Editorial Policy

Protect credit when being dropped as authorized user

Erica Sandberg

December 31, 2015

QHi Erica,

I am an authorized user on my dad’s card and he wants to close it in a few months. Will my perfect credit disappear? For two years he paid the bill with the money I earned and gave him. I don’t think he ever even used this card. Am I screwed? Can I take this card over as my own? What should I do now? — Dean

ADear Dean,

Just as a guest can be kicked out of a home any time the owner chooses, an authorized user on someone else’s credit card can be given the boot. This is a real problem for the authorized user, but that’s the breaks. Your dad has all the power, so he gets to call the shots.

While the two of you have been sharing the charging rights, the account has been appearing on your consumer credit reports as well as your dad’s. The great news is that this account has been kept in good standing because of your perfect payments. Piggybacking on your father’s card has definitely caused your credit rating (as well as your dad’s) to increase.Ask Erica

However, when the account is closed (or if your dad simply decides to revoke your charging privileges), it will no longer show up on your reports and you’ll be back to where you started.  My suggestion is to apply for your own credit card immediately, while the account is still active.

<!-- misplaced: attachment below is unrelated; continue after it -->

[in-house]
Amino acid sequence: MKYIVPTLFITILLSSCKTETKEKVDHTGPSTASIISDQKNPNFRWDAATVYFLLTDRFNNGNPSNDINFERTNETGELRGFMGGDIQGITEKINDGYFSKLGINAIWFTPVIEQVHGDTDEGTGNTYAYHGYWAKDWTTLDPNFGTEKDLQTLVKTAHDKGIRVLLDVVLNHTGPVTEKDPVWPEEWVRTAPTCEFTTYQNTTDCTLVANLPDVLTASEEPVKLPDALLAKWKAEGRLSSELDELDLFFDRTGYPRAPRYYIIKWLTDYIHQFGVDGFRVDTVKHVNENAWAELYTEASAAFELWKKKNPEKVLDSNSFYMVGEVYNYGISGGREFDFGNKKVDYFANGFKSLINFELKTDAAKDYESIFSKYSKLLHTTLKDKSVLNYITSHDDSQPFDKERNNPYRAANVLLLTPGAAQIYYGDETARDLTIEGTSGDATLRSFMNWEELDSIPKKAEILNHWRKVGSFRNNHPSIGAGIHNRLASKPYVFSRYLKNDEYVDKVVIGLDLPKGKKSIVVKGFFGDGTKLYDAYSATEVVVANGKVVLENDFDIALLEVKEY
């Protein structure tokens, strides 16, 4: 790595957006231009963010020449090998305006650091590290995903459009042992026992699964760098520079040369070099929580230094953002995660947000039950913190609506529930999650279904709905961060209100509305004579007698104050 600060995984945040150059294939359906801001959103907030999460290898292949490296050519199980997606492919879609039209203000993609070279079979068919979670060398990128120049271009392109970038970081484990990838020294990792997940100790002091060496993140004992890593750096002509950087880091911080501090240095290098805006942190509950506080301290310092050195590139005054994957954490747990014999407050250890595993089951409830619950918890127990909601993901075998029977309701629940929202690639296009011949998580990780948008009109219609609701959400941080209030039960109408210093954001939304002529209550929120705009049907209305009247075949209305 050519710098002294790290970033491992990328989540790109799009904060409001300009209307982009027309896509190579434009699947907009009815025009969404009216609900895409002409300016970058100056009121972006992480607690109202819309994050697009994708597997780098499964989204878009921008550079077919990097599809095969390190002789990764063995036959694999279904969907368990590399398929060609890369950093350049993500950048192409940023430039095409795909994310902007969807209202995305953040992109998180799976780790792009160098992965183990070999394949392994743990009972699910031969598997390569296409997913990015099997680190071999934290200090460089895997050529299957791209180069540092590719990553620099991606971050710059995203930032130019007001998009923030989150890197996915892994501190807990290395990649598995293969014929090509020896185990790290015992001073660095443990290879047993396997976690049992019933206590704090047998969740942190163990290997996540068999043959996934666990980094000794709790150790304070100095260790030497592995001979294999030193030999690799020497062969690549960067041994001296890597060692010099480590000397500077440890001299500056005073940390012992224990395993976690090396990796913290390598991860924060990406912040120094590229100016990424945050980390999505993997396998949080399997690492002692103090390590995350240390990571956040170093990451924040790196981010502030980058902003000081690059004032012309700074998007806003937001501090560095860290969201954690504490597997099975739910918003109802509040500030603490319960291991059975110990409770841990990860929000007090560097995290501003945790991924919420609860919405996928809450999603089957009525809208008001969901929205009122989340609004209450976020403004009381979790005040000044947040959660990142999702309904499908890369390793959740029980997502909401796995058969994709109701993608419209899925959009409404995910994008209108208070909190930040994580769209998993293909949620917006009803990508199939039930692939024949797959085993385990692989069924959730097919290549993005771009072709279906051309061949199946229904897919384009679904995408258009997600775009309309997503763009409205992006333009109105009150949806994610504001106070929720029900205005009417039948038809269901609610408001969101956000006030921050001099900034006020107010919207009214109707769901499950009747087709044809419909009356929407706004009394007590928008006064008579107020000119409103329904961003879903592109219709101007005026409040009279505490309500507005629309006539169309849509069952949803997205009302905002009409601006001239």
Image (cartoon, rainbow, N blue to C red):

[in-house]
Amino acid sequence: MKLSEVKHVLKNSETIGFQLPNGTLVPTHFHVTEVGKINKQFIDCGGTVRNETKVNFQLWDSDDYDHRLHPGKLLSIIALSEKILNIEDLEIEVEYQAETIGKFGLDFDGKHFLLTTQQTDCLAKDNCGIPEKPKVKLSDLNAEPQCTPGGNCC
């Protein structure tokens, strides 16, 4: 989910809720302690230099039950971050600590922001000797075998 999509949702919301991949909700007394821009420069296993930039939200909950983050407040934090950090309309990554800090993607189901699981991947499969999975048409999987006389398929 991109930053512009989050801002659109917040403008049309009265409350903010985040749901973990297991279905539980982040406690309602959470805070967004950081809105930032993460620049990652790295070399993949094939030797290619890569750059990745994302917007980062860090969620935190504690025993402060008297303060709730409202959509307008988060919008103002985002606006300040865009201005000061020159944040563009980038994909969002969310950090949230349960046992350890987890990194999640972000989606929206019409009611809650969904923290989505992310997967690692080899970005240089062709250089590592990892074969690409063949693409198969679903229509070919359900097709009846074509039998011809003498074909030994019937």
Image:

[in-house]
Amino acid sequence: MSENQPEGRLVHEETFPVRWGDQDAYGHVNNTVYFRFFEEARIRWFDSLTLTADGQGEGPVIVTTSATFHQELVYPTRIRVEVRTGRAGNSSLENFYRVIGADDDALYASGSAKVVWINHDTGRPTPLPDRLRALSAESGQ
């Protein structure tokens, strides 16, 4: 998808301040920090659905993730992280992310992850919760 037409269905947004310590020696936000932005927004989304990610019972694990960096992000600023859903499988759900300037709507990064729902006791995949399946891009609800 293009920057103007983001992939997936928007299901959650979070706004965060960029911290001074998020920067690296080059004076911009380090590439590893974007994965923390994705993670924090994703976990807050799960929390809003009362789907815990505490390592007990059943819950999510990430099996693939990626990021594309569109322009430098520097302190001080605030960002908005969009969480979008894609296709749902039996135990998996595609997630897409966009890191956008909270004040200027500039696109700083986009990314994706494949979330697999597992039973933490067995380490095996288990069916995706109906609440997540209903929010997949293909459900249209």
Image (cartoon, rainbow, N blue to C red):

To get started getting your own card, find out what your FICO scores are right now, and apply for the card that looks the best and that fits within your scoring range. Scores go from a low of 300 to a high of 850. People with credit scores over 750 are considered extremely low risk. As long as you have a steady job and your FICO scores are in this “best” range, you’ll have plenty of cards to choose from. Review all the cards in your scoring category and apply for the one that best suits you.

When you do have an account only in your name, you can start to build your own credit history. You already know how to charge responsibly because you’ve been practicing with your dad’s account. Now just continue the fine work.

You didn’t specify why your dad is closing the account, but he may have a very good reason. Thank him for the opportunity to learn how to use credit effectively. He put his credit rating at risk when he took you on as a guest because if you did go overboard and charge too much, he would have been liable. Essentially, he gave you valuable training wheels to teach you how to handle credit like a pro. Most people make expensive mistakes in the beginning (such as skipping a payment cycle or two or charging to the max right away and then having to delete a balance swollen with interest), but now you can start as an experienced card user!

Soon you’ll be on your own. That’s exciting! Here’s what you need to do to keep building a solid credit history: Pay on time, and pay the whole bill every time. Check your credit reports annually to make sure the account is being reported accurately, and when the time is right, add another account or loan. Do this and you’ll really hike your credit score, making you eligible for the premium products. Think cheap loans and plum travel rewards — these will be yours if you keep managing your credit responsibly.

Got a question for Erica? Send her an email.

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